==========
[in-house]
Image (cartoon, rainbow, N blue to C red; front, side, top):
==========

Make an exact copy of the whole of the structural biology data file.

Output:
[in-house]
Image (cartoon, rainbow, N blue to C red; front, side, top):